Mobility Blog

Are you ready to invest in safety?

Are you ready to invest in safety?

No one will disagree that safety is a key issue in corporate policy, but is it possible to create a cost-efficient safety management programme while also meeting the needs of employees? We examine the building blocks of a comprehensive approach that covers all the bases.

 

Why safety matters

It’s tempting to see safety as a rather abstract topic – one that gets taken for granted in corporate strategy, even in the world of fleet management.

And yet a quick glance at numbers of fatalities and accidents reveals that the cost of accidents is staggering. While Europe has seen a 21% decrease in road fatalities between 2010 and 2019, over 22,000 people still died on EU road in 2019, this represents about 44 per million Europeans. Between these alarming figures and the fact that globally, over one million people are killed on roadways each year and that fatal and non-fatal road casualties are expected to cost the global economy over 1 trillion Euro between now and 2030, it’s clear that setting up and implementing safety programmes represents a vital investment rather than a cost.

 

Elements of a safety programme

In creating any safety programme, a number of elements need to be taken into consideration. Should the focus be on compliance, such as licence checks and safe driving training sessions, or on risk targeting, which focuses in detail on accident statistics and then draws conclusions? Should indicative data such as fuel consumption, fines, mileage, visit reports be prioritised? Or rather true data based on telematics, such as harsh accelerations, harsh braking and high speeds?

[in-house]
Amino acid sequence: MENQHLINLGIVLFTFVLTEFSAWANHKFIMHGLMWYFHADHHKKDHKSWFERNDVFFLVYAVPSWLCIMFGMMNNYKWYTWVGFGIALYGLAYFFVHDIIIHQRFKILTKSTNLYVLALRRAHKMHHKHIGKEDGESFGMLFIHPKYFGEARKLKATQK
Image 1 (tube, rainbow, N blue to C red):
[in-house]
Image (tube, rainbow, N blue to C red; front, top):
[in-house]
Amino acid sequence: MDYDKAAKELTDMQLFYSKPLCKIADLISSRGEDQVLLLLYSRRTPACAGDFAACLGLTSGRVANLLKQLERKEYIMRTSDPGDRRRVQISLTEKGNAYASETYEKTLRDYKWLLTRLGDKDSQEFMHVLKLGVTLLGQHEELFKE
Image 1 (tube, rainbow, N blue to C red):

We suggest a four-pronged approach to creating a safety strategy, which looks in turn at advanced driver-assistance systems (ADAS), driver behaviour, insurance risk and management, and fuel policy, all of which can have a significant impact on TCO/TCM.

 

  • Advanced Driver-Assistance Systems (ADAS)

First, we focus on the vehicle itself. Advanced driver-assistance systems can help in a variety of ways, from speed control to providing the right information wherever you want it via a head-up display (HUD), while smart cameras and detectors monitor blind spots and sensors or warn about forward collisions.

The benefits of effective ADAS include reductions in claim rates, especially with regard to collisions, property damage or bodily injury. The risk of driver distraction – the no. 1 factor in accidents- is significantly reduced.

 

  • Driver Behaviour

Our second focus is on driver behaviour. Rather than relying on the car itself, telematics, in-cabin alerts and training can all combine to increase safety. This element also has the highest benefit-cost ratio.

 

  • Insurance and risk management

The third pillar of our approach involves the use of insurance policy and risk management. Preventive policy considerations such as damage waivers, additional drivers, imposing age limits, alcohol abuse prevention, third party usage and usage abroad all help lower indirect costs.

 

  • Fuel/energy policy

The fourth and final focus involves fuel policy, where fuel monitoring and ultimately fuel capping play an important role. The correlation between (bad) driver behaviour and fuel consumption has a direct impact on the fuel cost and is a hot topic today with the emergence of alternative powertrains. Therefore, a well-balanced fuel policy of both preventive (driver profiling, fuel/energy monitoring) and repressive (fuel capping) measures could generate substantial savings with the fuel/energy component representing up to 30% of the TCO.

 

Rolling out the programme

Any safety programme needs to be carefully managed with stakeholders and employees. It must be based on insights gleaned not only by analysing data but by asking the right questions to all stakeholders involved. Goals then need to be set around each of the four elements. These should be ambitious but realistic, with a focus on achievable short and mid-term milestones. The implementation that follows will involve policies, recommendations, training and transparent communication. And finally, the programme must be monitored and improved, with data presented to a body tasked with overseeing safety.

 

Please contact us if you have any questions about this approach!